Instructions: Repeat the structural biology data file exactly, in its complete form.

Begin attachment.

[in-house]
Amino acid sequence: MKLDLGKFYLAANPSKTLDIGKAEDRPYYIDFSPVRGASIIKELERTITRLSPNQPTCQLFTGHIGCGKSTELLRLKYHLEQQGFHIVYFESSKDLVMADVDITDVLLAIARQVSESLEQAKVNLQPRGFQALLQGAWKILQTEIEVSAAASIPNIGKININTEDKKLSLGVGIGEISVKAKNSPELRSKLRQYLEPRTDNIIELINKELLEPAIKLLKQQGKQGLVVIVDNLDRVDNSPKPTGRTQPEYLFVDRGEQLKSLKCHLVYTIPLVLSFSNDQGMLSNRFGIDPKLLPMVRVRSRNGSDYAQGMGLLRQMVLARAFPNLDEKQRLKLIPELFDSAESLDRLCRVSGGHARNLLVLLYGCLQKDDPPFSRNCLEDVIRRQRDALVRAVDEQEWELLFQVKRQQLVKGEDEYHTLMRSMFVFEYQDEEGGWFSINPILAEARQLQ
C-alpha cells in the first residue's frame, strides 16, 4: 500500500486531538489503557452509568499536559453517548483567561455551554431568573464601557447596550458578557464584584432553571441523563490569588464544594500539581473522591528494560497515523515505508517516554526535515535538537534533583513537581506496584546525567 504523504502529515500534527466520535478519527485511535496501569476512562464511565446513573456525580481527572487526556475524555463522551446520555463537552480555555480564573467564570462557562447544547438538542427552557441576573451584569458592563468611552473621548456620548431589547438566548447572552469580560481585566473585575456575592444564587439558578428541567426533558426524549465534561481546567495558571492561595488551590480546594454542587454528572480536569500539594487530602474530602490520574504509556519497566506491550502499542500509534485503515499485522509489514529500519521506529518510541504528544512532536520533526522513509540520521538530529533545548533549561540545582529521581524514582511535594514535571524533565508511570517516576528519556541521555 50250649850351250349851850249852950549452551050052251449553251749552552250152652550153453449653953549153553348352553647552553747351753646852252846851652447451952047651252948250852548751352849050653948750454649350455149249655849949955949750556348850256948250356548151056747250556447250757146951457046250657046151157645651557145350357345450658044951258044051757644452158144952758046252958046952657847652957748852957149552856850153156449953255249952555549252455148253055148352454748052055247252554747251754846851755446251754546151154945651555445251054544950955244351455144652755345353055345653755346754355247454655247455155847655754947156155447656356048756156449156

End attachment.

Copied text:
[in-house]
Amino acid sequence: MKLDLGKFYLAANPSKTLDIGKAEDRPYYIDFSPVRGASIIKELERTITRLSPNQPTCQLFTGHIGCGKSTELLRLKYHLEQQGFHIVYFESSKDLVMADVDITDVLLAIARQVSESLEQAKVNLQPRGFQALLQGAWKILQTEIEVSAAASIPNIGKININTEDKKLSLGVGIGEISVKAKNSPELRSKLRQYLEPRTDNIIELINKELLEPAIKLLKQQGKQGLVVIVDNLDRVDNSPKPTGRTQPEYLFVDRGEQLKSLKCHLVYTIPLVLSFSNDQGMLSNRFGIDPKLLPMVRVRSRNGSDYAQGMGLLRQMVLARAFPNLDEKQRLKLIPELFDSAESLDRLCRVSGGHARNLLVLLYGCLQKDDPPFSRNCLEDVIRRQRDALVRAVDEQEWELLFQVKRQQLVKGEDEYHTLMRSMFVFEYQDEEGGWFSINPILAEARQLQ
C-alpha cells in the first residue's frame, strides 16, 4: 500500500486531538489503557452509568499536559453517548483567561455551554431568573464601557447596550458578557464584584432553571441523563490569588464544594500539581473522591528494560497515523515505508517516554526535515535538537534533583513537581506496584546525567 504523504502529515500534527466520535478519527485511535496501569476512562464511565446513573456525580481527572487526556475524555463522551446520555463537552480555555480564573467564570462557562447544547438538542427552557441576573451584569458592563468611552473621548456620548431589547438566548447572552469580560481585566473585575456575592444564587439558578428541567426533558426524549465534561481546567495558571492561595488551590480546594454542587454528572480536569500539594487530602474530602490520574504509556519497566506491550502499542500509534485503515499485522509489514529500519521506529518510541504528544512532536520533526522513509540520521538530529533545548533549561540545582529521581524514582511535594514535571524533565508511570517516576528519556541521555 50250649850351250349851850249852950549452551050052251449553251749552552250152652550153453449653953549153553348352553647552553747351753646852252846851652447451952047651252948250852548751352849050653948750454649350455149249655849949955949750556348850256948250356548151056747250556447250757146951457046250657046151157645651557145350357345450658044951258044051757644452158144952758046252958046952657847652957748852957149552856850153156449953255249952555549252455148253055148352454748052055247252554747251754846851755446251754546151154945651555445251054544950955244351455144652755345353055345653755346754355247454655247455155847655754947156155447656356048756156449156